Research carried out by the BBC of over 3,300 deaf and disabled people shows the lasting impact of the pandemic on the disabled community.
From cancelled medical appointments to feeling forgotten, the figures make for devastating reading.
Respondents to the research show that 2,604 people said their mental health had got worse; 2,427 said their disability had deteriorated; 241 people had not left the house and 683 people had seen their appointments either cancelled or they were unable to attend.
Families had also seen almost all care stop for their disabled loved one, with one respondent outgrowing her walking frame and not having a cochlear implant checked for two years – which should be retuned every few months.
As restrictions begin to ease and advise on shielding changing, many respondents revealed that they still do not feel safe to go outside for fear of contracting coronavirus.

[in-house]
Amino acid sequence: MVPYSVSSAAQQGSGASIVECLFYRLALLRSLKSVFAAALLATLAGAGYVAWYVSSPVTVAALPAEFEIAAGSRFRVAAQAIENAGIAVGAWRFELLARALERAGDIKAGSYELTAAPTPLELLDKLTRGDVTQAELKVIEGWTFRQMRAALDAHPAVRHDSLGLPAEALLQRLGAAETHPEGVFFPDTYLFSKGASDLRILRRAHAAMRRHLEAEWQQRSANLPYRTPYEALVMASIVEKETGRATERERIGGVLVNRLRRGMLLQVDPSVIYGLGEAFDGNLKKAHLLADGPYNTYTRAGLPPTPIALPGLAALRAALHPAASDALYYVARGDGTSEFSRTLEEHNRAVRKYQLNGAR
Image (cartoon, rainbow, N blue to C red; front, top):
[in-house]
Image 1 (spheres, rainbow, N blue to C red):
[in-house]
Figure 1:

Speaking to the BBC, 2,000 people had only left their houses on a number of occasions with 250 people who had not left their home since March 2020.
The BBC’s findings show the current failings from the UK Government in supporting disabled people.
“Horrifying reports of DNRs [do-not-resuscitate orders] being placed on people without their consent left many fearing they’d not get treatment if they caught the virus. The government must take bold action now to put disabled people at the heart of the recovery, and end the growing inequality.”
What more do you think needs to be done to better support the disabled community as we move out of the pandemic?